I had a conversation with a Talent Acquisition (TA) leader late last year that I’ve been reflecting on. The sentiment from the TA leader was along the following lines: ‘we’re making placements but we’re too reliant on direct applications and we need to increase the number of hires we make from passive talent’. This is an argument that I’ve heard several times and I think it warrants some exploration.
First let’s align on the terminology; when talent acquisition practitioners refer to passive talent, they’re typically referring to candidates that are not actively looking for a new role. Passive talent therefore needs to be identified and proactively approached or headhunted (technically they’re not candidates at all until the point that they have been encouraged to apply for a role). The alternative to passive talent is active talent – those that are proactively looking for a new role and will apply directly, typically having found the role on a company’s career site or having seen a role advertised.
So why might passive talent be better than active talent? I know there are some managers that may have a bias towards passive talent and a belief that the ‘best’ talent is unlikely to be actively looking for a new position. They may feel that a candidate that is not actively looking for a new position may be more successful in their current role than a candidate that is actively looking. There may be a sense that the best talent is likely to come from a specific competitor or have studied at a specific college and the only way to secure that talent is to headhunt them rather than hoping to attract them through specific advertising.
Is there any evidence that passive talent makes for a better hire? None that I have been able to find. In fact I would argue that very few companies know what makes for a better hire – only 48% of companies today measure quality of hire and those that do are predominantly looking at basic metrics on new hire retention.
A desire to proactively source talent from a specific competitor is a valid argument for pushing for passive search. But recruiters should be advising managers that such a strategy may not yield better talent and may be a barrier to diversity and equity. In the link below you can access a great podcast from HBR which includes an insightful interview with Ryan Roslansky, CEO of LinkedIn, who advocates for a skills-first approach to hiring. Roslansky shares that during COVID one of the most displaced groups of workers were those employed in hospitality, hardly surprising given lock-down stopped many of us from visiting bars and restaurants for such a long period of time. At the same time one of the fastest growing hiring needs was for digital customer service staff, again not surprising given that companies had to quickly shift their operations to be virtual. Whilst the displaced hospitality workers had 70% of the skills required for digital customer service roles, many of those roles remained empty because firms were looking for a 100% fit.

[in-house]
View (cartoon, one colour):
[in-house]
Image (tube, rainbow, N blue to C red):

Recruiters can take a broad approach to sourcing talent or a very targeted approach. The broad approach will embrace advertising to attract a diverse range of candidates. The targeted approach will naturally exclude candidates that may not be an obvious fit for the role but may, none the less, have the skills and aptitudes required and have the potential to add far greater value.
So why should we look to hire passive talent if there is no evidence that passive talent is any better than active talent? The very simple reason is that for some roles, particularly roles requiring rare or niche skills, we’re unlike to attract the right talent through advertising or the cost of the advertising would be prohibitive. In those cases the optimum way to hire is to search the market for suitable talent, attempt to proactively contact that talent and then encourage that talent to apply for the role. But this approach isn’t easy. It requires Recruiters or Sourcers that are specialists in identifying and engaging with passive talent. It requires tools to help identify that talent (i.e. licenses to social networks such as LinkedIn and licenses to talent intelligence platforms such as Talent Neuron). And the recruiters that focus on passive hiring will be far less productive than those that focus on hiring for roles for which we expect active candidates to apply and be hired. A recruiter focusing on hiring passive candidates may be expected to make as little as 3 or 4 hires a month whereas a recruiter focusing on active candidates may be expected to make in excess of 12 hires a month (up to 4 times as productive).
So, who should determine how best to attract talent for a given role? The Talent Acquisition specialists partnering with the Hiring Manager should be advising and guiding that manager towards a successful hire. That means working with the manager to determine what skills are required for a specific role. Providing talent intelligence to understand the relative supply and demand of talent with the required skills. Advising on the likelihood of finding talent with the required skills internally. Advising the manager on how best to attract diverse talent and talent with potential. And then agreeing a hiring strategy that is tailored to the role in question.